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Zoltán Kodály (1882-1967)
Piano Works
Nine Piano Pieces Op.3 (1909) [21:10] (Lento [2:22]; Andante poco rubato [3:21]; Lento [3:00]; Allegretto scherzoso [1:41]; Furioso [0:56]; Moderato triste [2:38]; Allegro giacoso [1:40]; Allegretto grazioso [2:15]; Allegro commodo, burlesco [3:13])
Méditation sur un motif de Claude Debussy (1907) [5:41]
Valsette (1905) [1:27]
Seven Piano Pieces Op.11(1910-1918) [21:32] (Lento [1:30]; Transylvanian Lament [2:12]; “Il pleure dans mon coeur comme il pleut sur la ville” - Allegro malinconico [1:24]; Epitaph [6:20]; Tranquillo [1:39]; Transylvanian song [2:47]; Rubato [5:36])
Dances of Marosszék (1927) [11:50]
Adrienne Krausz (piano)
rec. 17-21 January 2008, Studio 6 of the Hungarian Radio. DDD
Notes by Anna Dalos
Experience Classicsonline

Piano music may not be the first genre with which one associates Kodály and in later life he made some nasty comments about the instrument.  But between 1905 and 1918 Kodály devoted a considerable part of his compositional energy to the instrument and these works were crucial both in his absorption of what were then modernist tendencies and in the establishment of his unique musical personality.
The Nine Pieces Op.3 are all heavily influenced by Debussy, whose music Kodály had become intimately familiar with while studying in Paris in 1904. Each one sets a different compositional problem: different uses of dissonance, construction of chords, chromaticism and so on. Yet several also betray the Hungarian folk element with which the composer was to become so closely identified. For me numbers 4 and 9 contain the most beautiful music, while the experimental elements of numbers 1 and 5 are impressive in a different way. Number 7 is interesting because of its use of tonality. In all these pieces Ms. Krausz shows just the proper touch for this music; her musical discrimination is admirable.
The composer actually wrote a tenth piece for Op.3, a Valsette, but published it separately. Perhaps he felt it did not fit in with the seriousness of the other pieces in the cycle. In 1907, before the creation of Op. 3 he wrote the wonderful Méditation sur un motif de Claude Debussy. The motif is a quote from Debussy’s String Quartet. This is a leaner and less chordal work than most of Op. 3 and better demonstrates the transformation of the composer’s esthetic from impressionism to folklore. Kodaly’s development of the music inherent in Debussy’s theme and his original use of the whole-tone scale make this a highlight of his early works.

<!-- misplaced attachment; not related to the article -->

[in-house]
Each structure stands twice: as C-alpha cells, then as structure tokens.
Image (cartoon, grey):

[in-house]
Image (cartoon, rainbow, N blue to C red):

In the Seven Pieces Op.11 the composer progresses from the heavy influence of Debussy to the individuality demonstrated in the famous Cello Sonatas and other chamber works. The first, a Lento, has modernistic harmonies combined with a tolling effect while the Transylvanian Lament is also harmonically adventurous, but much more folk-like, although Debussy does sneak in a little. Il pleure dans mon coeur comme il pleut sur la ville is obviously more like Debussy, but the underlying rhythms would not be recognized by him - Kodály is becoming Kodály. The Epitaph is the largest piece in the cycle - a profound synthesis of all that has come before, with a wonderful coda. The following two pieces are full-fledged Kodály, with the Transylvanian Song having a waterwheel effect that is almost sinister - very different from the waterwheels of other composers. Indeed almost all these pieces have a violent side to them that belies their titles and which one might not expect from familiarity with some of the composer’s other works. This aspect Ms. Krausz also brings out well, some times almost too violently. The final rubato piece has some of the most beautiful writing in the cycle and shows that the composer understood the piano well, regardless of what he may have said later in life.
The Dances of Marosszék is better known as an orchestral work. Indeed, there is some doubt whether the composer ever meant it as an independent piano work. As such the piece has a lusciousness that the orchestral version does not, although not as much flow. The use of the lower registers of the piano is very interesting, an aspect Ms. Krausz especially emphasizes. She also pays the interludes of the rondo structure very beautifully.
Adrienne Krausz graduated from the Liszt Academy in Budapest, and also with Yvonne Lefébure and Lívia Rév. She was also a protégé of Solti. On this disc she ably combines the impressionistic harmonic elements with the more violent, almost orgiastic ones. She has an excellent sense of how each piece should sound overall. Unfortunately, only a few recordings from her vast repertoire are currently available. As to recording, the miking is very close-up in this recording, which I found an advantage. The venue occasionally over-emphasized the percussive aspects of the music, but this was not a major drawback. For those looking for a modern set of Kodaly’s piano music rather than one of the classics this is a fine choice.
William Kreindler


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